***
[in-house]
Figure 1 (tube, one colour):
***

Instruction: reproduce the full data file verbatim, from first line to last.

[in-house]
Figure 1 (tube, one colour):